“It was with no little gladness of heart that the Holy Father learned of the work of the Society and of its diligence in spreading far and wide copies of the Holy Gospels, as well as of the other books of the Holy Scriptures, and in multiplying them so as to reach all men of good will. Most lovingly therefore his Holiness blesses all who have put their hand to this very excellent work; and he earnestly exhorts them to persevere with ardor in so holy an enterprise.”
The Catholic Truth Society has, in fact, sold nearly 500,000 copies of various books of the Scriptures, especially of the Gospels, and the sale still continues. These must have been bought by Catholics, for Protestants have their own version, and their circulation affords in itself a sufficient answer to the Protestant tradition.
The best proof of the Church’s care to provide her children all over the world with the Bible is given by the confession of non-Catholic missionaries and others. “The best translations of foreign Bibles issued by our Bible Societies” (said one of them, Dr. Wolff), “are reprints from those made by the Propaganda of Rome.” A short list may be given of some striking instances in which the British and Foreign Bible Society made use of translations which they found had been made by Catholics many years before their Society came into existence. These facts are chiefly testified to by non-Catholic writers:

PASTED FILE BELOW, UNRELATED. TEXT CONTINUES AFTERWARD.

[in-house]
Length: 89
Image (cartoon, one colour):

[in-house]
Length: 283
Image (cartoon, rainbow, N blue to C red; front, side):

The Armenian Testament, bought by the British and Foreign Bible Society, 1818, from the Armeno-
Catholic College, Venice.
The Amharic Version (chief Abyssian dialect) prepared at Cairo by the French.
The Arabic, printed at Rome, 1671.
The Ethiopic N. T., translated by the Jesuits.
The Tartar, published nearly 500 years before Pro testant Missions began.
The Chinese Catholic version, two centuries prior to any other.
The Cingalese, at least equally early, found by a Protestant Missionary.